Albany Senior High School deputy principal Miranda Makin says, "We want our students to be citizens of the world and to be actively participating in the community." She describes how digital citizenship teaching is embedded within classroom practice to ensure students have safe and informed practices when accessing and sharing information on the Internet.
We want our students to be citizens of the world and to be actively participating in the community. When they leave school they’re using things like Facebook, social networking sites, social media all the time. It’s part of their lives and so they need to be able to learn how to use these technologies, you know, in a safe way, in a sensible way, in a way that enables their learning. And we want to be able to provide that opportunity for them.
It is really important for us, as a school, to give our students opportunities to access all of that information that they would in their daily lives. We don’t want them to suddenly feel that their school is disconnected from the way they live their lives. But in the same way, or by the same token, we also want our students to be able to make really good and safe decisions about the way that they’re using these things. And also exploring, “how can we use these to facilitate learning?” we look at the guidelines and legislation around copyrighted material and when our students are involved in work or products around those lines, then the teachers will be talking with students around those requirements.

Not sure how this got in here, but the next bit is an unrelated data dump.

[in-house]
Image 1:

Most of the work that is actually put up online is the students’ own original work. It’s not reworking other people’s ideas. So, for example, the ‘Portal Unity Project’ is all those students’ work. The products that might go up on YouTube are often short films that the students have designed and, you know, or might be to raise awareness about a particular thing (aspect of conservation for example) like Zoo TV. So they’ve actually worked with the zoo to produce conservation snippets that then the zoo links to, to raise awareness for the public. Really there are a lot of checks and balances in place with the way that we work with our students and our stakeholders to make sure that we are hitting the mark and it’s appropriate and it’s legal.